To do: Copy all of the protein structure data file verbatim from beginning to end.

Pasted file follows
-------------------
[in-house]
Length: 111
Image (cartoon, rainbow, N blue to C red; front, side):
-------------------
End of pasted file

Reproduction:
[in-house]
Length: 111
Image (cartoon, rainbow, N blue to C red; front, side):